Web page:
Another great week of writing and editing. I’ve been super busy on a new series plus editing a secret project. I’ll tell you all about it soon.
This week the Romance Writers Weekly hop topic is from Jenna Da Sie. She said, “My birthday was a couple of days ago. What do you do to celebrate your birthday and do you have one particular birthday that stands out above the rest?”
I’ve never really been a big birthday person. When I was little they always seemed to bring me to tears. I don’t really know why. Now I like to mark the day by spending it with good friends and people I love. I’m not usually brought to tears anymore. 🙂
My best birthday was my 40th. On that day I went to a spa with my good friend and was pampered. Afterward we went shopping and I splurged on a new watch for myself. We drove home to find all my family and friends gathered for a surprise party. It was pretty awesome and complete with whole roasted pig. YUM!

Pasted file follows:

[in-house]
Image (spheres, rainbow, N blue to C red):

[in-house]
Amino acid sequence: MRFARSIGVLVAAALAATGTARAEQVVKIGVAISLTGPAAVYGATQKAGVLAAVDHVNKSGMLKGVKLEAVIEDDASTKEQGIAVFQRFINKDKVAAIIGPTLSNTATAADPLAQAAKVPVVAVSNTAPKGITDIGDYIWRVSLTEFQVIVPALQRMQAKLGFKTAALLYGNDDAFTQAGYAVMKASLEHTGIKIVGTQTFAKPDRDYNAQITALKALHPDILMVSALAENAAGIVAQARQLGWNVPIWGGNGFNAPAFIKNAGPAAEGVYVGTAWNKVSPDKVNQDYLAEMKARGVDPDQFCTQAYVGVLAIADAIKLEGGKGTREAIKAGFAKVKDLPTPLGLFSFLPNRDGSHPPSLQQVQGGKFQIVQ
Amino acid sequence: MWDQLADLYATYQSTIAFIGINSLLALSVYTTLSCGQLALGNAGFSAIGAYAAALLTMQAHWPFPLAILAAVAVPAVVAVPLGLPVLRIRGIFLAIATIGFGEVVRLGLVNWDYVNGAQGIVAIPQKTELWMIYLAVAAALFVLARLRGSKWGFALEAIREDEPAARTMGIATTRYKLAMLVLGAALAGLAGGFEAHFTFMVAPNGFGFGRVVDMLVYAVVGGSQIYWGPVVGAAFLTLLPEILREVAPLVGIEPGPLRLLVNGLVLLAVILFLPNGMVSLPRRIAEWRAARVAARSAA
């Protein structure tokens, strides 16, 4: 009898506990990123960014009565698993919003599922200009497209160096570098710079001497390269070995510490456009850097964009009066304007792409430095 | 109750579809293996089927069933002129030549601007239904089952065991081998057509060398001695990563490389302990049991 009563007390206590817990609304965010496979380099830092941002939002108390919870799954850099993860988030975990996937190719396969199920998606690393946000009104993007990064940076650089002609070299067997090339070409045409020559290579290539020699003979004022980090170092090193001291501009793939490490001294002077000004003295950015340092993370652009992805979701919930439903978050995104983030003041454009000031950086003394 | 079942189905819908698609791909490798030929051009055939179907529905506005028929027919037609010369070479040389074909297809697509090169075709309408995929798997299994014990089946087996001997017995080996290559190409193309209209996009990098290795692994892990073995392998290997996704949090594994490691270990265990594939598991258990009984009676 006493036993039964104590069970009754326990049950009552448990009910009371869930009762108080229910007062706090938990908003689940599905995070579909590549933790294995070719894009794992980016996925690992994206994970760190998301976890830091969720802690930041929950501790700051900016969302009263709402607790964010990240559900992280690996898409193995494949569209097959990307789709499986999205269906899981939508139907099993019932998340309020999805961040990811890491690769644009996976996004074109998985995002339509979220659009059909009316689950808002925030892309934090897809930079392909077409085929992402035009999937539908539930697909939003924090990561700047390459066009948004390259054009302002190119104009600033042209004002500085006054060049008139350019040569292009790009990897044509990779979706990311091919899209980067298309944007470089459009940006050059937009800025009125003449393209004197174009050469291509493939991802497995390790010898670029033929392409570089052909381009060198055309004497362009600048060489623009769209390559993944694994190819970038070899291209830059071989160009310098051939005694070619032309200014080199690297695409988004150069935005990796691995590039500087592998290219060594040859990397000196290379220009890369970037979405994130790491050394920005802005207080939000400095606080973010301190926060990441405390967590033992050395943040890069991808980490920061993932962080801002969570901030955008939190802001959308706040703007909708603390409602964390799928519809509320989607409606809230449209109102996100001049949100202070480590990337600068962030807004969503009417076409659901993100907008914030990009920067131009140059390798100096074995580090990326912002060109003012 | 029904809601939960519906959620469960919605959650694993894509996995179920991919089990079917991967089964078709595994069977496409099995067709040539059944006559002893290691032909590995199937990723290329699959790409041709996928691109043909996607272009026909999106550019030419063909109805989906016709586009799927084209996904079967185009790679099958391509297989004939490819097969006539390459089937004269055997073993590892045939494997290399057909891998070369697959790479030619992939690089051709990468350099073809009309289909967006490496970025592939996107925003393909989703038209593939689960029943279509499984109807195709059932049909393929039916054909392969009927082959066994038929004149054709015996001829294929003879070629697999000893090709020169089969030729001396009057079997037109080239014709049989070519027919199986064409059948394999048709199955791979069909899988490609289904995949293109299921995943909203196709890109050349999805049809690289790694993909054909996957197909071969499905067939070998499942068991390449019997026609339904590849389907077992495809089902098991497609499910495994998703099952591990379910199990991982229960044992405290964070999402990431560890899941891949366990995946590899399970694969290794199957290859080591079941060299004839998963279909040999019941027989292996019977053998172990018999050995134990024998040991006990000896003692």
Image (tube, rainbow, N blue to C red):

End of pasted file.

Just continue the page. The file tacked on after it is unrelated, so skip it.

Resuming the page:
I loved seeing everyone. Most of all, I loved that my husband had gone to so much trouble to make my day special. Tell me about a time when someone did something really special for you.
Can a broken engagement ignite the spark of true love?
Sylvia Dowder had almost made it to the altar when her fiancé unexpectedly became a viscount, and dropped her like a stale crumpet to make a more “suitable” match. Though Sylvia’s heart has been crushed, her spirit has not. She puts her wits and social savvy to use as a secret gossip columnist—and as the Everton Domestic Society’s party planner to the ton. Luckily, she’s not in danger of ever falling for an aristocrat again…
Especially not one like Anthony Braighton, Earl of Grafton. Raised in America, Anthony sees no reason to marry when he can enjoy all the perks of being an eligible earl. Determined to convince his family he doesn’t need a wife, he hires Sylvia to act as hostess and decorator for upcoming parties. Yet Sylvia is as adept at captivating his interest as she is at beautifying his home. And despite this Everton lady’s aversion to titled men, some attractions can’t be denied—and love rarely does go where it’s told . . .